Volunteer Marine Rescue WA Radio Operator Ian Beard sharers some communications advice for boaties.

Whether your passion is yachting or power boating, there is a strong possibility that one day things may go pear-shaped when you’re out on the water. Your marine radio is a vital piece of equipment. Knowing what to do and how to use your radio effectively ahead of a crisis is the key to a successful outcome.

Marine radios

Every vessel should have a compliant and operational marine radio transceiver. In fact carrying an operational radio is a mandatory requirement in most on-water situations and highly recommended in others.

All vessels carrying a marine radio automatically come under the Maritime Ship Station Class Licence and are required to comply with its provisions. Marine VH Stype radios are recommended as these are the most suitable for clear short range communications and for contacting Coast Stations. All vessels should keep their transceivers tuned to Channel 16. This allows calls for assistance, urgency, and distress to be received and acted on by vessels close by.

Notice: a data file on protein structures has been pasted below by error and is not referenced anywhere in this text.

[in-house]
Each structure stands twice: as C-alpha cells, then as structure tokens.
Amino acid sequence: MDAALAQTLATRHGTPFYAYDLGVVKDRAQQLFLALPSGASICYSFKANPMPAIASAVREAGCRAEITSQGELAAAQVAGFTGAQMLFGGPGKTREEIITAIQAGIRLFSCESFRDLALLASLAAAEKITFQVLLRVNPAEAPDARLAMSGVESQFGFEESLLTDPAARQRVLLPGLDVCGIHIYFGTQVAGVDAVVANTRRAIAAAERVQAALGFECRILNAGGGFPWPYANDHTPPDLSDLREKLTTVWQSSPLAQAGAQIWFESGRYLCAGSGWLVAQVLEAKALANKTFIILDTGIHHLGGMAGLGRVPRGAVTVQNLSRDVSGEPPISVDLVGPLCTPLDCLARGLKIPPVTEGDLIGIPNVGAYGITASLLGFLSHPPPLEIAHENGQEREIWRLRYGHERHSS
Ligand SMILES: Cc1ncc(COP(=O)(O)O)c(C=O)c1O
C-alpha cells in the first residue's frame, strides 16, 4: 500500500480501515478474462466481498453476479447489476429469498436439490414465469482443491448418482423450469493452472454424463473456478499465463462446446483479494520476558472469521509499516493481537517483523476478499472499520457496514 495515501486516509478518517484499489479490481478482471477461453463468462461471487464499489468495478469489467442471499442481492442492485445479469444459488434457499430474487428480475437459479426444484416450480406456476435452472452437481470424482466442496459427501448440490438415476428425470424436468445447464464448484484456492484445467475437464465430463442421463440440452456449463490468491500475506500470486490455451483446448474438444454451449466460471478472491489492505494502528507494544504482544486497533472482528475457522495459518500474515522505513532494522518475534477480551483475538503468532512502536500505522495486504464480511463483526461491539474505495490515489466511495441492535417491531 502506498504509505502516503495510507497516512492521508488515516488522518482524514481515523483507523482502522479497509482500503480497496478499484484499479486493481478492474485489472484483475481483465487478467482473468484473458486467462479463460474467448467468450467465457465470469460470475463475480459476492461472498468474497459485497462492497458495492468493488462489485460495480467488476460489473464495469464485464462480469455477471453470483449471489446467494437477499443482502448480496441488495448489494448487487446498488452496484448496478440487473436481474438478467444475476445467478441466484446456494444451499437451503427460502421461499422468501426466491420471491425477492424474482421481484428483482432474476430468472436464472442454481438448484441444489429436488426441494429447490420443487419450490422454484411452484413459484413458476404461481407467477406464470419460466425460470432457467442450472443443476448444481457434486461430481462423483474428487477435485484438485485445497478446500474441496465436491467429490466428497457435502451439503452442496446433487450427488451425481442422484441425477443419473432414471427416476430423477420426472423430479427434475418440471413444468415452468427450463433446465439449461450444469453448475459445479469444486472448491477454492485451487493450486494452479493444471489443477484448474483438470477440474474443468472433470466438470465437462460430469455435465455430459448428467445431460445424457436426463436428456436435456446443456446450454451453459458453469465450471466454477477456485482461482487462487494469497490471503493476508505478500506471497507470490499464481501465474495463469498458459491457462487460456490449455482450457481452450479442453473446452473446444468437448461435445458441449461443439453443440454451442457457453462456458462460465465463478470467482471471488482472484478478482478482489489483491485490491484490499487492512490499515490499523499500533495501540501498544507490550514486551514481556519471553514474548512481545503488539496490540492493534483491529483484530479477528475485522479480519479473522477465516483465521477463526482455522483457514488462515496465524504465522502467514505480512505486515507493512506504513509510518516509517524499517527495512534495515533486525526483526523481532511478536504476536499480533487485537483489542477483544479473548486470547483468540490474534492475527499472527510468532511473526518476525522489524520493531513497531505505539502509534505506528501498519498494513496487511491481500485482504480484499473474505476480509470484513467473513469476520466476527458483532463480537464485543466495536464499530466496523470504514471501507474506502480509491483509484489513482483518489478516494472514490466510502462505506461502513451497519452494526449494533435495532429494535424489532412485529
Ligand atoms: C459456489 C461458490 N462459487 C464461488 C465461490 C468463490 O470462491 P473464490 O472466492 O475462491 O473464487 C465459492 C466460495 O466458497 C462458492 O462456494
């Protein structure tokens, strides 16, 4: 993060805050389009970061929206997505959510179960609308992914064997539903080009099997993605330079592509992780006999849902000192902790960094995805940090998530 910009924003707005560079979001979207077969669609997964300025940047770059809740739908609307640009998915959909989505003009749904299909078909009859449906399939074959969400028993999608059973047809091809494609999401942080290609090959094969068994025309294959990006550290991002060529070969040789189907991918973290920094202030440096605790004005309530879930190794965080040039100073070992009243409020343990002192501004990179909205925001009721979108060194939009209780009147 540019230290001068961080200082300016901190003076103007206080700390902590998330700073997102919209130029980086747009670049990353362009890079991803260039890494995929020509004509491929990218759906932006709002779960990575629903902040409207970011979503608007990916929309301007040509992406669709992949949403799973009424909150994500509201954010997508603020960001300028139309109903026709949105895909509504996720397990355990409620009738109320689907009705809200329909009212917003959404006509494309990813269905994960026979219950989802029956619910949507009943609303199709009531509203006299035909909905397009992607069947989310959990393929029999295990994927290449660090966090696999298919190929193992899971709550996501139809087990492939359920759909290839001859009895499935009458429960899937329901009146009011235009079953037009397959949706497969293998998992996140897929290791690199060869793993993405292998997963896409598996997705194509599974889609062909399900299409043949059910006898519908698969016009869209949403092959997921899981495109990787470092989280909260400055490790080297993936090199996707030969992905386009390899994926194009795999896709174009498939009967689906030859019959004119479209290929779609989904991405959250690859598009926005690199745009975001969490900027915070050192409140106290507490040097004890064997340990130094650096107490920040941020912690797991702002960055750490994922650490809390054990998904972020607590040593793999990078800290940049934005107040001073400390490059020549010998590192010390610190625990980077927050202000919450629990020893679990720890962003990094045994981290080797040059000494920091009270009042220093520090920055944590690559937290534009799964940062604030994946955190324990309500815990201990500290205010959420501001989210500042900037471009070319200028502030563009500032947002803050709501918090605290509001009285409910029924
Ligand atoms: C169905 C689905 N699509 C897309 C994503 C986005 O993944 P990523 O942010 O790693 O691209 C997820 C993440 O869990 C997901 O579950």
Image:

A Certificate of Proficiency is required to operate a VHF Marine Radio legally. These are issued by the Australian Maritime College, with courses often available via reputable boating schools. The Marine VHF Radio Operators Handbook is also available to buy online. Getting one and keeping it on your boat for reference is a great idea

Know your radio

If you are in the market for a new or replacement marine radio, consider purchasing one that is DSC capable. DSC or Digital Selective Calling allows the transmission of a distress signal with a single button press. The transceiver can also be simply interfaced to GPS receivers so that your exact position is transmitted with the distress signal. It allows you to get help faster and provides more accurate information to rescuers at a time when seconds really can save a life. The Marine VHF Radio Operators Handbook has a comprehensive section on DSC and how to use it.

Setting up your radio

Following the advice within the Handbook that came with your transceiver will help you get the best performance out of your radio. It will also include information about how to maintain it. Many operators aren’t aware that most radios have both low (1 Watt) and high (25 Watt) power settings. For general use, it is best to set your radio to the high (25 Watt) setting for the greatest transmission distance.

Another function that is often overlooked is Dual and Triple Watch. This allows you to scan for calls on Channel 16 plus another channel such as the local “Chat Channel”. Triple Watch allows you to add a third channel, perhaps the talk through repeater that the local Marine Rescue group uses for Ship to Shore communications.

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